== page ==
Friday the 16th of April

...to the ends of the earth

“We need a respectful, mutual listening, free of ideology and predetermined agendas.” Pope Francis, Let us Dream, December 2020

Walkers praised but more must be done on packaging

Walkers’ crisp packet recycling scheme has been praised as a “step in the right direction” by Catholic environmentalists – but they have stressed that it is just the first step needed to end the use of plastic in food packaging.

Walkers’ new scheme comes after campaigners called on consumers to post the non-recyclable crisp bags back to the manufacturer and celebrate their environmentally-conscious act on social media.

The free scheme, which Walkers describes as a nationwide first, involves recycling the packets of any crisp brand.

Snackers will be asked to send their bags to recycling firm TerraCycle, which will shred them into plastic pellets to be used in everyday items, like outdoor furniture and trays.

PepsiCo, which owns Walkers, has also pledged to make all its packaging completely recyclable, biodegradable or compostable by 2025.

“The move by Walkers Crisps and parent company PepsiCo is a step in the right direction” Ellen Teague, of the Columban Justice, Peace and the Integrity of Creation, told The Catholic Universe. “And it shows the power of a campaign supported by more than 330,000 people urging Walkers to switch to recyclable packets. Ordinary people can influence the corporate world to embrace more sustainable practices!”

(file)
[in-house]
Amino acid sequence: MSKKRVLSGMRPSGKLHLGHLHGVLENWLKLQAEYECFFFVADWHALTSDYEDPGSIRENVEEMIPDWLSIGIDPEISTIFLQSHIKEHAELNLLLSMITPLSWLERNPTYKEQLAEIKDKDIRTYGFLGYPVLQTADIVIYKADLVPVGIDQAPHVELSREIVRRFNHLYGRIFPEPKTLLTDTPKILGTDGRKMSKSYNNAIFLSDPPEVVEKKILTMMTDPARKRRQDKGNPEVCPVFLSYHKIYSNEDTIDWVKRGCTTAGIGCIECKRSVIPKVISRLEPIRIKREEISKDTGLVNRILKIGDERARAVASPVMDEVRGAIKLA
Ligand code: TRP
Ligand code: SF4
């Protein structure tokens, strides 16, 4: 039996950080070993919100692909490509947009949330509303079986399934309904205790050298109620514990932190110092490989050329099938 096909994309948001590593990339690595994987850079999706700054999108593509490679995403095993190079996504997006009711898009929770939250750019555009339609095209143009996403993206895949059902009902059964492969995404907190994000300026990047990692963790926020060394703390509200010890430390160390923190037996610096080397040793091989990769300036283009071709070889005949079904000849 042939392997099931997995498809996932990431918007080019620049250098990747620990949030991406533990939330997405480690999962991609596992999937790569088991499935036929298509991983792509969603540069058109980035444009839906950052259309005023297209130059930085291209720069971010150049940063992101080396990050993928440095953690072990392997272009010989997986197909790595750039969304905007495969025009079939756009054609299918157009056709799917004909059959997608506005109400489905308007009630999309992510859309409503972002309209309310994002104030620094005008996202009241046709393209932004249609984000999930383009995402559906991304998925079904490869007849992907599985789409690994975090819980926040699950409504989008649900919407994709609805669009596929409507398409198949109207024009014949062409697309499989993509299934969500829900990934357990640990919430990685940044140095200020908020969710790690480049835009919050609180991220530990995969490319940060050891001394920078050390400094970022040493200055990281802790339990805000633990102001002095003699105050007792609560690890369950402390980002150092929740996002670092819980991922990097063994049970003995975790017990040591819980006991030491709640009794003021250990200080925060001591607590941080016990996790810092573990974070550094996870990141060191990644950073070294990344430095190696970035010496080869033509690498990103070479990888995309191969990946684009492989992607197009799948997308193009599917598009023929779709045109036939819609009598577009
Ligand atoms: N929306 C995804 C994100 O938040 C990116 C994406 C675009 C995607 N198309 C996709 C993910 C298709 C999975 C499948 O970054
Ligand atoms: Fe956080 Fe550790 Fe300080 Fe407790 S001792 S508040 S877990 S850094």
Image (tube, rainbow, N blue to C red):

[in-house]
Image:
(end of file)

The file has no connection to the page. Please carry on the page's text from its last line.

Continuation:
Dr Edward Echlin, an eco-theologian and Honorary Fellow at Leeds Trinity University, also welcomed the new scheme but reminded readers that “plastic waste does great damage to people and the wider earth community. In small ways we can act similarly with our own locally produced waste.”

However, Mrs Teague insisted that food companies must look into alternatives to plastic packaging. “We must use less plastic packaging and buy less processed food which needs complex packaging.”

Picture: Gary Lineker giving his backing to the Walkers crisp packet recycling scheme. (Andrew Parsons/Parsons Media).